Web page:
If you were to return this inset and then build and run, you’d see the following:
This is exactly what you’d expect. Now that you have both halves figured out, putting them together is a snap.
Intrinsic Content Sizes
You may have noticed that you didn’t have to worry about the text having a content size to fill the space. That’s because
ASTextNode has an intrinsic content size based on its text and attributes.
The following nodes do not have a default size:
The commonality is that these nodes have no content to start with, and therefore no way of defining their own size. These nodes will either need to have
preferredFrameSize set or be put in a layout spec before they’ll have a concrete size to work with.
This is the perfect time to use the stack layout spec. You can think of it as being the layout spec equivalent to
UIStackView, except that its automatically backwards compatible, which is pretty nifty.
Stacks can be defined as either vertical or horizontal and, like all layout specs, can take either nodes or other layout specs as children.
To get this stack set up, add these three lines after the description inset definition:
ASStackLayoutSpec *verticalStackSpec = [[ASStackLayoutSpec alloc] init]; verticalStackSpec.direction = ASStackLayoutDirectionVertical; verticalStackSpec.children = @[nameOverlaySpec, descriptionTextInsetSpec];
Here you’re creating a stack, setting its direction to be vertical, and adding the top half and bottom half as children.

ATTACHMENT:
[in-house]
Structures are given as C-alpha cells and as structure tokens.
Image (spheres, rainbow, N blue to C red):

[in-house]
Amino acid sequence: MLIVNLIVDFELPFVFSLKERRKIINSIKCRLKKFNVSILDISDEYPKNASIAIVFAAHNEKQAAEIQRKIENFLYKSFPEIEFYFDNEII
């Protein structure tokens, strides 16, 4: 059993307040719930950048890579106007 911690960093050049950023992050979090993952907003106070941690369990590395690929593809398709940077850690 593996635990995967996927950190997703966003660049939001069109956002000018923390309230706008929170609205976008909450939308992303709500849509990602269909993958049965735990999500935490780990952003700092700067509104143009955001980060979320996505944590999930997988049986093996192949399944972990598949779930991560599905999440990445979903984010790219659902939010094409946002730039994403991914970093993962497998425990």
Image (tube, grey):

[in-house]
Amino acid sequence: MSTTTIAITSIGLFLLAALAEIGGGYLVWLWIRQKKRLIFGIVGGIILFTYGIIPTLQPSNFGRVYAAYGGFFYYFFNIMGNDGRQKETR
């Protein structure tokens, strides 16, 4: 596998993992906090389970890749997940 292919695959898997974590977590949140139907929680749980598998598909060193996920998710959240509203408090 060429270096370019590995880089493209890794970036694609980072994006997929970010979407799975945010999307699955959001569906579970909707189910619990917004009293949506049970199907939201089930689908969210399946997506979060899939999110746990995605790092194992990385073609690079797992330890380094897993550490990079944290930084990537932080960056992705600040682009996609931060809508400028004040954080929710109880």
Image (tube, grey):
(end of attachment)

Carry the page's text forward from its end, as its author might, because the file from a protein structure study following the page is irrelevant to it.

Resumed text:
And again, return your new layout spec.
Build and run; you’re pretty close to being done!
Nesting stacks, each having their own
alignItems settings, means stacks can be the incredibly expressive, as well as incredibly frustrating. Make sure to check out the flex box froggy game and Async Display Kit docs for a more in-depth look.
Hey, remember your old friend the overlay spec? Her one rule is that in an overlay spec, the item that is being overlaid upon must have its own size.
The item in the back defines the size and the item in front is simply being stretched over it.
A background spec is exactly the opposite. If you have one item that can define its own size, and another you want to stretch out behind it, then you need a background spec.
In this case, you’ll need to use a background layout spec to stretch the blurred animal image behind the whole stack you’ve build up.
To do so, add this line:
ASBackgroundLayoutSpec *backgroundLayoutSpec = [ASBackgroundLayoutSpec backgroundLayoutSpecWithChild:verticalStackSpec background:self.backgroundImageNode];
And replace the
return statement for the final time
Now build and run to see the finished product:
Where To Go From Here?
Once you feel comfortable with the concepts you’ve seen here, a good place to learn more would be the docs. This was really just a taste of what the layout system is capable of.
We hope you enjoyed this AsyncDisplayKit 2.0 tutorial and if you have any layout questions, feel free to leave them in the comments!